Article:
J. Frank Norris

John Franklyn (J. Frank) Norris (September 18, 1877 – August 20, 1952) was a Baptist preacher and controversial Christian fundamentalist.

John Franklyn Norris
J. Frank Norris (left) and John Roach Straton
Born(1877-09-18)September 18, 1877
DiedAugust 20, 1952(1952-08-20) (aged 74)
ResidenceFort Worth, Texas
Alma materBaylor University
Southern Baptist Theological Seminary
Years active18971952
Spouse(s)Lillian Gaddy (m.1902)


J. Frank Norris was born in Dadeville in Tallapoosa County in eastern Alabama, but the family shortly moved to Arkansas and then back to Columbiana in Shelby County in central Alabama. In the late 1880s, the Norrises purchased land near Hubbard in Hill County, Texas, about thirty miles north of Waco, where they farmed.[1] James Warner Norris was an alcoholic, and Frank Norris claimed that his father once beat him severely after he had emptied his liquor bottles. In 1891, both were shot by an acquaintance of Warner Norris, and Frank said he did not fully recuperate for three years.[2]

Norris was converted at a Baptist revival meeting in the early 1890s, and in 1897, he became pastor of Mount Antioch Baptist Church in Mount Calm in Hill County, Texas.[3] The following year he enrolled in Baptist-affiliated Baylor University in Waco, which he attended from 1898 to 1903. He then earned a Master of Theology degree from the Southern Baptist Theological Seminary in Louisville, Kentucky. In 1905, Norris returned to Texas as the pastor of the McKinney Avenue Baptist Church in Dallas. He resigned that post in 1907 to become editor of the Baptist Standard. Norris is credited with ending the Texas Baptist newspaper war, with moving Southwestern Baptist Theological Seminary from Waco to Fort Worth, and with persuading the state legislature to abolish racetrack gambling.

In 1909, Norris sold his interest in the Baptist Standard and accepted the pastorate of the First Baptist Church in Fort Worth, where he served for forty-four years until his death. In 1912, Norris was acquitted of arson and perjury charges related to fires that respectively destroyed his church auditorium and severely damaged his home. A second fire razed the structure in 1929, and rebuilding began at the advent of the Great Depression.[4] Norris was also the radio pastor of, variously, KFQB, KTAT and then KSAT (not to be confused with KTSA and KSAT-TV, both in San Antonio),[5] where he started the first regular radio ministry in the United States in the 1920s.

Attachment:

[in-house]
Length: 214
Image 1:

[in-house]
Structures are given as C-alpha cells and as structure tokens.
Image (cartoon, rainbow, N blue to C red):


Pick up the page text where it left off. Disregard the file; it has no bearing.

The height of Norris' career came in the 1920s, when he became the leader of the fundamentalist movement in Texas by attacking the teaching of "that hell-born, Bible-destroying, deity-of-Christ-denying, German rationalism known as evolution" at Baylor University. Because of his attacks on Baylor and denominational leaders, Norris and his church were denied seats at the annual meetings of the Baptist General Convention of Texas in 1922 and 1923.[6]

In his 1926 sermon series "Rum and Romanism," Norris attacked Mayor H. C. Meacham of Fort Worth, whom he accused of misappropriating funds for Roman Catholic causes. That same year, Norris killed lumberman Dexter Elliott Chipps, a friend of Meacham, in Norris's church office. Norris claimed Chipps had threatened his life, and when Norris was tried for murder, he was acquitted on grounds of self-defense.[7]

During 1928, Norris campaigned against the election of the Democrat Al Smith to the presidency and voiced anti-Catholic views from the pulpit, his radio station, and his weekly newspaper. Herbert C. Hoover, the Republican nominee, won the election and carried Texas as well, the first member of that party ever to prevail in a Texas general election.

In 1935, Norris accepted the pastorate of a second church, Temple Baptist Church in Detroit, Michigan. By 1946, the combined membership of the two congregations was more than 26,000. For sixteen years, Norris commuted by train and plane between the two churches.

Though Norris would presumably have mostly agreed on matters of faith and interpretation with Ben M. Bogard, who in 1924 founded the American Baptist Association, the two were often at odds. Bogard claimed that Norris was vain and prone to exaggerate Norris' ministerial success. Though he accused Norris of failing to preach the fundamentals of the faith, the two in time developed a begrudging friendship. Bogard said, "When I get to heaven I expect to find Frank Norris there in spite of that wicked streak that runs through him."[8]

In 1941, Norris faced a $25,000 libel judgment payable to another Baptist minister, R. E. White, because of remarks about White in Norris' Detroit denominational paper, The Fundamentalist. Norris exhausted all appeals to the Texas Supreme Court. The publicity about the suit weakened Norris' hold over his fellow fundamentalists.[9]

In September 1947, while on a tour of Europe, Norris secured an audience with Pope Pius XII and declared that the pope was "the last Gibraltar in Europe against Communism." Thereafter, Norris took the position that communism was more dangerous than Catholicism, and some of Norris's erstwhile allies, such as Toronto evangelist T. T. Shields, criticized him for "folly."[10]